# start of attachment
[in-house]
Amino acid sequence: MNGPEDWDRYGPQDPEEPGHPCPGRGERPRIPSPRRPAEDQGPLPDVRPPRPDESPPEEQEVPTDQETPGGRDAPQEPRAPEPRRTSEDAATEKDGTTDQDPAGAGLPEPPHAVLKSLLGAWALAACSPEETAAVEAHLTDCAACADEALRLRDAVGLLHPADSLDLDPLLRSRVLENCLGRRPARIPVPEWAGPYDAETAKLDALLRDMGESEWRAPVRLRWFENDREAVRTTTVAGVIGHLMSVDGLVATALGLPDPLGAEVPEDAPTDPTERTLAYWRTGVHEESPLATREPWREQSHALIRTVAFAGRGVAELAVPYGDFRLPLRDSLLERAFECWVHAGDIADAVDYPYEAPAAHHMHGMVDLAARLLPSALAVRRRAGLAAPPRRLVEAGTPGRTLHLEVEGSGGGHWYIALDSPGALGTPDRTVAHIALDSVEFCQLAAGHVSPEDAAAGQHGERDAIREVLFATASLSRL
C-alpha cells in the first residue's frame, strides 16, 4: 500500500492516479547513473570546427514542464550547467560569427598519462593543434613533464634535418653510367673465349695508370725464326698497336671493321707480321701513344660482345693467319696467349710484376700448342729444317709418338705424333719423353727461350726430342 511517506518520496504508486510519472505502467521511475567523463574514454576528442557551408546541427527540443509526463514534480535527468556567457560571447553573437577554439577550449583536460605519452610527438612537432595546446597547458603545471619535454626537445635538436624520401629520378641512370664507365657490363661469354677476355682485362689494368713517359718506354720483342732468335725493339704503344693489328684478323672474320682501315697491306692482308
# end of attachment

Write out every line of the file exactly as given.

[in-house]
Amino acid sequence: MNGPEDWDRYGPQDPEEPGHPCPGRGERPRIPSPRRPAEDQGPLPDVRPPRPDESPPEEQEVPTDQETPGGRDAPQEPRAPEPRRTSEDAATEKDGTTDQDPAGAGLPEPPHAVLKSLLGAWALAACSPEETAAVEAHLTDCAACADEALRLRDAVGLLHPADSLDLDPLLRSRVLENCLGRRPARIPVPEWAGPYDAETAKLDALLRDMGESEWRAPVRLRWFENDREAVRTTTVAGVIGHLMSVDGLVATALGLPDPLGAEVPEDAPTDPTERTLAYWRTGVHEESPLATREPWREQSHALIRTVAFAGRGVAELAVPYGDFRLPLRDSLLERAFECWVHAGDIADAVDYPYEAPAAHHMHGMVDLAARLLPSALAVRRRAGLAAPPRRLVEAGTPGRTLHLEVEGSGGGHWYIALDSPGALGTPDRTVAHIALDSVEFCQLAAGHVSPEDAAAGQHGERDAIREVLFATASLSRL
C-alpha cells in the first residue's frame, strides 16, 4: 500500500492516479547513473570546427514542464550547467560569427598519462593543434613533464634535418653510367673465349695508370725464326698497336671493321707480321701513344660482345693467319696467349710484376700448342729444317709418338705424333719423353727461350726430342 511517506518520496504508486510519472505502467521511475567523463574514454576528442557551408546541427527540443509526463514534480535527468556567457560571447553573437577554439577550449583536460605519452610527438612537432595546446597547458603545471619535454626537445635538436624520401629520378641512370664507365657490363661469354677476355682485362689494368713517359718506354720483342732468335725493339704503344693489328684478323672474320682501315697491306692482308